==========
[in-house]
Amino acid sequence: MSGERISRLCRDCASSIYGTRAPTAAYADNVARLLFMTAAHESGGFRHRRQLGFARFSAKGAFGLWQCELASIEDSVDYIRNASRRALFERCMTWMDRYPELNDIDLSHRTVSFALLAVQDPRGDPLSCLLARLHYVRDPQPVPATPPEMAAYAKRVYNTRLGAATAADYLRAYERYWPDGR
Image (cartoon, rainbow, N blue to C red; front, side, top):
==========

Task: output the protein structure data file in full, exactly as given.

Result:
[in-house]
Amino acid sequence: MSGERISRLCRDCASSIYGTRAPTAAYADNVARLLFMTAAHESGGFRHRRQLGFARFSAKGAFGLWQCELASIEDSVDYIRNASRRALFERCMTWMDRYPELNDIDLSHRTVSFALLAVQDPRGDPLSCLLARLHYVRDPQPVPATPPEMAAYAKRVYNTRLGAATAADYLRAYERYWPDGR
Image (cartoon, rainbow, N blue to C red; front, side, top):